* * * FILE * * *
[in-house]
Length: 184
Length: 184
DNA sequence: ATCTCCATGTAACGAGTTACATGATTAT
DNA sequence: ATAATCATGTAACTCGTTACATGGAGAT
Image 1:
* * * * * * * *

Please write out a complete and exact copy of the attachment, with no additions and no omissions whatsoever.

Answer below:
[in-house]
Length: 184
Length: 184
DNA sequence: ATCTCCATGTAACGAGTTACATGATTAT
DNA sequence: ATAATCATGTAACTCGTTACATGGAGAT
Image 1: